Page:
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Integrating Climate Change into the US Global Fragility Strategy: A New “Prologue”

By Erin Sikorsky

In early April, the Biden Administration released a “prologue” to the US Global Fragility Strategy, also known as the Strategy to Prevent Conflict and Promote Stability. The initial document was developed under the Trump Administration in response to requirements in the Global Fragility Act (GFA). Congress passed the GFA in 2019 with bipartisan support, the goal of which was to create a new approach to preventing conflict in fragile states by bringing a whole of government, silo-busting strategy to foreign assistance and diplomacy. This type of coordinated, multi-sectoral process is exactly what is needed to ensure climate considerations are well integrated into US foreign policy, and the prologue takes two important steps forward in this direction.

First, the new prologue explicitly discusses the role of climate change in shaping state fragility and risks of conflict – a glaring omission in the original strategy. The document states:


RELEASE: The Climate and Security Advisory Group Grades Biden Administration on Climate Security 

Challenge Accepted, a new report issued by 79 senior national security experts recognizes the prioritization of climate change in the Administration’s security plans, but states it’s time to move from plans to bolder and more concrete action.

On March 31, 2022, seventy-nine senior military, national security and intelligence leaders of the Climate and Security Advisory Group (CSAG), an extraordinary group chaired by the Center for Climate and Security (CCS) in partnership with the Elliott School of International Affairs, released “Challenge Accepted: A Progress Report on the Climate Security Plan for America and Recommendations for the Way Ahead.”  This report assesses progress against the recommendations made by the Climate Security Advisory Group in 2019, many of which were incorporated into the current administration’s security plans.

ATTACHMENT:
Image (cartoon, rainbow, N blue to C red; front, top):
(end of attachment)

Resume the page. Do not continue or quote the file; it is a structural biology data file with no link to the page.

The non-partisan group, which includes 8 retired 4-star generals and admirals, a former Director of National Intelligence, a former Director of the Central Intelligence Agency, a former NASA Administrator, and many other retired military officers, security officials and experts, has assessed the progress made since the publication of the original report.


The Civilian Climate Corps: Implications for Security in the 21st Century

Jackson Lake and the Tetons from the small island out from CCC (Civilian Conservation Corps) Camp No. 2, Grand Teton National Park. Ray Ickes and Ned Munn on the rock in foreground, 1933 (Public Domain)

By Katelin Wright

An unexpected opportunity for building domestic climate security awaits in the form of an FDR-reminiscent Civilian Conservation Corps geared toward combating climate change. Coined the “Civilian Climate Corps,” President Biden first introduced the initiative on January 27, 2021, under Executive Order 14008, “Tackling the Climate Crisis at Home and Abroad.” In the Executive Order, the president tasked the Secretary of the Interior and Secretary of Agriculture to create a Civilian Climate Corps “to mobilize the next generation of conservation and resilience workers and maximize the creation of accessible training opportunities and good jobs.”  


Mainstreaming Climate Security: The FY22 National Defense Authorization Act

By John Conger

Last week, President Biden signed the Fiscal Year 2022 National Defense Authorization Act (NDAA), that Congress passed with overwhelmingly bipartisan support. The bill included numerous climate security measures that echo a number of key recommendations in the Center for Climate and Security’s Climate Security Plan for America (CSPA).

Over the past several years, Congress has enacted a series of pragmatic measures on climate and security.  Many of the measures have focused locally and tactically on the Defense Department’s infrastructure and resilience to extreme weather, while others have taken a wider view such as requiring a new Arctic Strategy or creating a Department of Defense Center for Arctic Security Studies.  This year’s NDAA fills in the gaps between the tactical and strategic measures and codifies some provisions in President Biden’s executive orders on climate, which will help ensure they last beyond this administration.

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